Clustering of observations is a common phenomenon in epidemiological and clinical research. Previous studies have highlighted the importance of using multilevel analysis to account for such clustering, but in practice, methods ignoring clustering are often used. We used simulated data to explore the circumstances in which failure to account for clustering in linear regression analysis could lead to importantly erroneous conclusions.
We simulated data following the random-intercept model specification under different scenarios of clustering of a continuous outcome and a single continuous or binary explanatory variable. We fitted random-intercept (RI) and cluster-unadjusted ordinary least squares (OLS) models and compared the derived estimates of effect, as quantified by regression coefficients, and their estimated precision. We also assessed the extent to which coverage by 95% confidence intervals and rates of Type I error were appropriate.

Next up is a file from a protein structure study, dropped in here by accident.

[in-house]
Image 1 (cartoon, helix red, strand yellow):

We found that effects estimated from OLS linear regression models that ignored clustering were on average unbiased. The precision of effect estimates from the OLS model was overestimated when both the outcome and explanatory variable were continuous. By contrast, in linear regression with a binary explanatory variable, in most circumstances, the precision of effects was somewhat underestimated by the OLS model. The magnitude of bias, both in point estimates and their precision, increased with greater clustering of the outcome variable, and was influenced also by the amount of clustering in the explanatory variable. The cluster-unadjusted model resulted in poor coverage rates by 95% confidence intervals and high rates of Type I error especially when the explanatory variable was continuous.
In this study we identified situations in which an OLS regression model is more likely to affect statistical inference, namely when the explanatory variable is continuous, and its intraclass correlation coefficient is higher than 0.01. Situations in which statistical inference is less likely to be affected have also been identified.